• Rabbi Chaim Richman

BeShalach - Emancipate Yourself from Expectations

The Torah portion of Beshalach teaches us a great deal about the possibility, and indeed the necessity, of changing our perceptions of reality. ‘The Children of Israel went on dry land in the midst of the sea; the water was a wall for them, on their right side and on their left…..and the people feared Hashem, and they had faith in Hashem and in Moshe, His servant (Ex. 14).’


When the nation of Israel passed through the walls of water on an avenue of dry land in the middle of a sea, they ‘believed in Hashem and in Moshe His servant.’ But what is the meaning of this verse…prior to this did they not also believe?! But something irrevocably changed at the splitting of the sea. The experience afforded every man, woman and child, a paradigm shift of consciousness. It was their deep realization that only Hashem Himself is true reality. After the waters returned, they were able to see that Hashem’s world is just as miraculous at every moment…even under ‘normal’ circumstances. 


Most of us lead lives of routine, and we are ‘slaves’ to our expectations. Thus we do not see the miraculous all around us. All we see is ‘nature,’ and the way things go. We think that nothing will change; perhaps because we do not believe that we have the power ourselves to change (and perhaps that is the sad truth of why many Jews did not leave Egypt).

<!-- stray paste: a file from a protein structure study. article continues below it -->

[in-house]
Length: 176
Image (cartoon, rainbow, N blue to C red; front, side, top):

In this very same Torah portion we learn about the Manna, the bread from Heaven which the Children of Israel merited to eat. The verse in Psalms 145 states ‘You open Your hand and satisfy every living thing [with] its desire.’ The secret of this verse is that Hashem gives every creature sustenance according to its desire. The desire of the Children of Israel was towards Heaven and thus they were given bread from Heaven. Hashem prepares sustenance for all His creations, but all goes according to our desire. We need the wisdom to know what to desire.


Open up your hearts in the deepest way. In chapter 16 we read, ‘The Children of Israel saw and said to one another, ‘What is it?’ – for they did not know what it was. Moshe said to them, ‘this is the bread that Hashem has given you for eating.’ The meaning of Moshe’s words is: This is the bread that Hashem has given you – the bread of not knowing – not knowing it and not understanding it is its secret, for the goal of all our knowledge is to know that we know nothing. If we remember this, and we follow after Hashem ‘into an unsown land’ (Jer. 2:2) and free ourselves from our expectations, then Hashem will always show us beyond our expectations.


This is the ‘Sabbath of Song,’ a special Shabbat which conveys to us great spiritual potential. May we recite the Song of the Sea with great joy and merit to see beyond the limitations that we place upon ourselves! Shabbat Shalom!

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